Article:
582to transitivity of subtyping. For instance, an addressing mode that belongs
583to an allowed set also belongs to any one of its super-set. At the moment,
584Matita's automation exploits these lemmas to completely solve all the proof
585obligations opened in our formalization, comprising the 200 proof obligations
586related to the main \texttt{execute\_1} function.
587
588The machinery just described allows us to restrict the set of addressing
589modes expected by a function and use this information during pattern matching
590to skip impossible cases.
591For instance, consider \texttt{set\_arg\_16}, which expects only a \texttt{DPTR}:
592\begin{lstlisting}
593definition set_arg_16: Status $\rightarrow$ Word $\rightarrow$ $\llbracket$ dptr $\rrbracket$ $\rightarrow$ Status ≝ $~\lambda$s, v, a.
594   match a return $\lambda$x. bool_to_Prop (is_in ? $\llbracket$ dptr $\rrbracket$ x) $\rightarrow$ ? with
595     [ DPTR $\Rightarrow$ $\lambda$_: True.
596       let 〈 bu, bl 〉 := split $\ldots$ eight eight v in
597       let status := set_8051_sfr s SFR_DPH bu in
598       let status := set_8051_sfr status SFR_DPL bl in
599         status
600     | _ $\Rightarrow$ $\lambda$_: False. $\bot$ ] $~$(subaddressing_modein $\ldots$ a).
601\end{lstlisting}
602We feed to the pattern matching the proof \texttt{(subaddressing\_modein} $\ldots$ \texttt{a)} that the argument $a$ is in the set $\llbracket$ \texttt{dptr} $\rrbracket$. In all cases but \texttt{DPTR}, the proof is a proof of \texttt{False} and we can ask the system to open a proof obligation $\bot$ that will be
603discarded automatically using ex-falso.
604Attempting to match against a non allowed addressing mode
605(replacing \texttt{False} with \texttt{True} in the branch) will produce a
606type-error.
607
608All the other dependently and non dependently typed solutions we tried before
609the current one resulted to be sub-optimal in practice. In particular, since
610we need a large number of different combinations of address modes to describe
611the whole instruction set, it is unfeasible to declare a data type for each
612one of these combinations. Moreover, the current solution is the one that
613matches best the corresponding O'Caml code, at the point that the translation
614from O'Caml to Matita is almost syntactical. In particular, we would like to
615investigate the possibility of changing the code extraction procedure of
616Matita to recognize this programming pattern and output the original
617code based on polymorphic variants.
618
619% Talk about extraction to O'Caml code, which hopefully will allow us to extract back to using polymorphic variants, or when extracting vectors we could extract using phantom types
620% Discuss alternative approaches, i.e. Sigma types to piece together smaller types into larger ones, as opposed to using a predicate to `cut out' pieces of a larger type, which is what we did
621
622%%%%%%%%%%%%%%%%%%%%%%%%%%%%%%%%%%%%%%%%%%%%%%%%%%%%%%%%%%%%%%%%%%%%%%%%%%%%%%%%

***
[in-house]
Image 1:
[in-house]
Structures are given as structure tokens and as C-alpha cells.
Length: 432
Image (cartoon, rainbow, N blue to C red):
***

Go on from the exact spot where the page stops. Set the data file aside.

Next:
623% SECTION                                                                      %
624%%%%%%%%%%%%%%%%%%%%%%%%%%%%%%%%%%%%%%%%%%%%%%%%%%%%%%%%%%%%%%%%%%%%%%%%%%%%%%%%
625\subsection{I/O and timers}
626\label{subsect.i/o.timers}
627
628% `Real clock' for I/O and timers
629The O'Caml emulator has code for handling timers, asynchronous I/O and interrupts (these are not yet ported to the Matita emulator).
630All three of these features interact with each other in subtle ways.
631For instance, interrupts can `fire' when an input is detected on the processor's UART port, and, in certain modes, timers reset when a high signal is detected on one of the MCS-51's communication pins.
632
633To accurately model timers and I/O, we add an unbounded integral field \texttt{clock} to the central \texttt{status} record.
634This field is only logical, since it does not represent any quantity stored in the actual processor, and is used to keep track of the current processor time.
635Before every execution step, \texttt{clock} is incremented by the number of processor cycles that the instruction just fetched will take to execute.
636The processor then executes the instruction, followed by the code implementing the timers and I/O\footnote{Though it isn't fully specified by the manufacturer's data sheets if I/O is handled at the beginning or the end of each cycle.}. In order to model I/O, we also store in the status a
637We use \emph{continuation} as a description of the behaviour of the environment:
638\begin{lstlisting}
639type line =
640  [ `P1 of byte | `P3 of byte
641  | `SerialBuff of [ `Eight of byte | `Nine of BitVectors.bit * byte ]]
642type continuation =
643  [`In of time * line * epsilon * continuation] option *
644  [`Out of (time -> line -> time * continuation)]
645\end{lstlisting}
646At each moment, the second projection of the continuation $k$ describes how the environment will react to an output event performed in the future by the processor.
647If the processor at time $\tau$ starts an asynchronous output $o$ either on the P1 or P3 output lines, or on the UART, then the environment will receive the output at time $\tau'$.
648Moreover the status is immediately updated with the continuation $k'$ where $\pi_2(k)(\tau,o) = \langle \tau',k' \rangle$.
649
650Further, if $\pi_1(k) = \mathtt{Some}~\langle \tau',i,\epsilon,k'\rangle$, then at time $\tau'$ the environment will send the asynchronous input $i$ to the processor and the status will be updated with the continuation $k'$.
651This input will become visible to the processor only at time $\tau' + \epsilon$.
652